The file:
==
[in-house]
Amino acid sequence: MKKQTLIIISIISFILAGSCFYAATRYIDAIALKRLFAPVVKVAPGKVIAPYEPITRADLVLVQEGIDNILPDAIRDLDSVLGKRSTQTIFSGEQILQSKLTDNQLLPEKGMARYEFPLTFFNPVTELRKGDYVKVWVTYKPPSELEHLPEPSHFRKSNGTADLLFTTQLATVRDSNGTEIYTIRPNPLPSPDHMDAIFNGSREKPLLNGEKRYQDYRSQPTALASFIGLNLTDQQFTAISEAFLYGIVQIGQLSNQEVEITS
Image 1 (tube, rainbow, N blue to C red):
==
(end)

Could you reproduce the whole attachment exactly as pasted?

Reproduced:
[in-house]
Amino acid sequence: MKKQTLIIISIISFILAGSCFYAATRYIDAIALKRLFAPVVKVAPGKVIAPYEPITRADLVLVQEGIDNILPDAIRDLDSVLGKRSTQTIFSGEQILQSKLTDNQLLPEKGMARYEFPLTFFNPVTELRKGDYVKVWVTYKPPSELEHLPEPSHFRKSNGTADLLFTTQLATVRDSNGTEIYTIRPNPLPSPDHMDAIFNGSREKPLLNGEKRYQDYRSQPTALASFIGLNLTDQQFTAISEAFLYGIVQIGQLSNQEVEITS
Image 1 (tube, rainbow, N blue to C red):